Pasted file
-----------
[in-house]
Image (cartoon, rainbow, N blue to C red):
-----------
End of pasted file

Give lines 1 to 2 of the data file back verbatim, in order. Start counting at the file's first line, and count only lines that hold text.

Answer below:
[in-house]
Image (cartoon, rainbow, N blue to C red):